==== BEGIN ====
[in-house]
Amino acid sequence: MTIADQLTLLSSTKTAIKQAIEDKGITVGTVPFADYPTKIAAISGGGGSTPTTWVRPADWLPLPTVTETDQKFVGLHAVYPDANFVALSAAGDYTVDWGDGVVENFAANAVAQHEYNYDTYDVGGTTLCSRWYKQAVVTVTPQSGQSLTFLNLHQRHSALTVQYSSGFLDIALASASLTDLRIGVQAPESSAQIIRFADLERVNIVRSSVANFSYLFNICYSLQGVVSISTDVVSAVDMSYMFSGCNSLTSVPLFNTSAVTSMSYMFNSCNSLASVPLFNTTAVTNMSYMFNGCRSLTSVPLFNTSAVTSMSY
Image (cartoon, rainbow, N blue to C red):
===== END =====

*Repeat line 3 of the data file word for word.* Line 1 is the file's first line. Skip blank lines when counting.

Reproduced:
Image (cartoon, rainbow, N blue to C red):